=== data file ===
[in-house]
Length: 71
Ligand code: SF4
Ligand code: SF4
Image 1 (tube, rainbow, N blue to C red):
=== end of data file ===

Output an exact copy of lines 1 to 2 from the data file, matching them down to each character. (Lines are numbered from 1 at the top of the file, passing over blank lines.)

[in-house]
Length: 71